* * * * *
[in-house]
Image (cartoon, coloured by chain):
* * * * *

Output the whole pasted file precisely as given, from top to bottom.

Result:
[in-house]
Image (cartoon, coloured by chain):